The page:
We ended the dinner with a pint or two (or, um, three if I'm being honest) of Jeni's Ice Cream, and a salad of white grapefruit, pink grapefruit, blood orange, and cara cara orange with basil-lime sugar.


Oh, and the little bonus moment that came just as I loaded up the dishwasher at the end of the night?  It started snowing.

A very good long weekend, indeed.

Up Next: Life, on the Line giveaway.

Resources: Geese from Daniel Shirk at Pecan Meadow Farm; veal stock from my freezer; produce,  aromatics, and gluten-free prairie bread from Whole Foods; spices from my pantry; blade mace from Terra Spice; foie gras from Hudson Valley Foie Gras; David's kosher salt; Domino sugar.

Music to Cook By: Fitz and the Tantrums; Pickin' Up the Pieces. I can't NOT move when I hear "Breakin' The Chains of Love" and I can't NOT picture "Don't Gotta Work it Out" as a great, semi-drunken break-up anthem sung loudly with friends in a bar as it plays on the jukebox.  You guys, this is a really great album.  Great to cook to, great to clean to, great to drive to, and would be the perfect background music at a dinner party or a night hanging out with friends, having a few beers or a bottle of wine and some noshes.  Can't recommend it enough.

Read My Previous Post: Some links, some love, and a little something for YOU

May 24, 2010

Alinea at Home Adaptation: Lamb, mastic, date, rosemary fragrance

Back injuries suck.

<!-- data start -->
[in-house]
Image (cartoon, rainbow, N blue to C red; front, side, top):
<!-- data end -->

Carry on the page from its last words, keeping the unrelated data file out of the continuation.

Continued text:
So does being overwhelmed with work.

I missed my kitchen something fierce.  I missed writing about food just as much.

I barely cooked a thing these past 6 weeks.  I assembled.  I ordered takeout (an insane amount).  I ate in restaurants.  I went to friends' houses when I could spare an hour or two (I think that happened twice, so there you go).  I didn't set aside time to go to the market or allow myself the time to cook.  It was a choice.  I didn't have a lot of control over my schedule and therefore didn't want to stock up on any kind of perishable food because the minute I did, I would've gotten a phone call that I needed to be in New York for 3 days... or sitting in a four-hour meeting on the Hill.... or needed to drop everything and write an op-ed that needs to get sent to the New York Times in two hours.... or had to work through the night to get a script in shape for taping the next morning.  I got into a zone and I knew if I buckled down and focused on work deadlines and related endeavors, my summer months would be more manageable, so I did it.  But let me tell you: I missed cooking. 

Last week, I started to get really edgy and bitchy and itchy and moody.  All work and no cook makes Carol a cranky girl.  I wanted to chop.  I wanted to braise.  I wanted to saute.  I wanted to roast.  I wanted to crack open the Alinea cookbook again.  Not wanted to.  Needed to.